Tag Archives: conservation

“Soil Health Champions” Receive Conservation Awards

Extension Specialist Eric Bendfeldt (left) with Kevin Craun and Ryan Blosser

Extension Specialist Eric Bendfeldt (left) with Kevin Craun and Ryan Blosser

Harrisonburg, December 18, 2017 – Bridgewater brothers Kevin and Steve Craun and Augusta County farmer Ryan Blosser recently received the fourth annual Carl G. Luebben Soil Health and Water Quality Awards for their contributions to conservation in the commonwealth.

Sponsored by Houff Corporation, the award is named for Luebben, a former Houff salesman known for his passion for agronomy, sustainable systems, soil health research, 
and mentorship of conservation professionals.

The Craun brothers are fourth-generation dairymen who operate Hillview Farms, Inc., a 435-acre dairy with 150 milking cows, 150 replacement heifers, and 100 head of beef cattle in the southwestern corner of Rockingham County near Bridgewater, Virginia. They are true “soil health champions” who have a well-established cropping system, including alfalfa in the rotation, and take care to closely balance residue management to build organic matter. Other notable Best Management Practices include no-till planting, cover crops, manure storage, and side-dressing nitrogen. Numerous practices have also been installed on pastures to promote herd health, cow comfort, and forage production.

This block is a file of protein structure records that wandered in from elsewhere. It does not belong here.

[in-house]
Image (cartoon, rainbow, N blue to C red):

Kevin and Steve sell their beef and milk through local co-ops, which showcase locally grown food from farmers who cherish the land and its sustainability. They have opened their operation to numerous school groups, production tours, and conservation agencies to provide a closer look at these practices. The brothers also serve on various boards; Kevin is a former Shenandoah Valley Soil and Water Conservation District director and board chairman.

Ryan Blosser is the owner-operator of the Dancing Star Farm, where he grows high-quality, chemical-free vegetables with limited tillage. Blosser plants highly diverse crops in permanent rows that are tilled while the rest of the soil remains untouched. The residue remaining on his fields increases organic matter, and crop rotation breaks up pest cycles without chemicals. His soil-health-building practices offer added benefits of increasing water-holding capacity and reducing runoff, leaching, and erosion. Blosser also uses a swale system to filter water, leaving it cleaner than when it entered the farm.

Blosser runs a very successful Community Supported Agriculture program on just 1.25 cultivated acres and focuses on giving back to the agricultural community. He is an executive director for Project Grows, a nonprofit group that hosts summer camps and field trips to teach children about gardening while providing food for the community. He is also involved with the Shenandoah Permaculture Institute, which teaches citizens about this form of intensively planned, environmentally restorative agriculture.

The Crauns and Blosser received their awards at the Virginia Farm to Table Conference, hosted by Virginia Cooperative Extension and USDA-Natural Resources Conservation Service at Blue Ridge Community College on Dec. 6, 2018. Carl’s son Dan was on hand to participate in the presentations. Carl Luebben, who died in October 2015, previously served on the Rockingham County Virginia Farm Bureau Board and the Shenandoah Valley Soil and Water Conservation District.

Contact:
Eric Bendfeldt
ebendfel@vt.edu
540-432-6029, ext. 106

Share

Virginia Tech eBee unmanned aircraft has endless applications for lands management

two white men standing in field.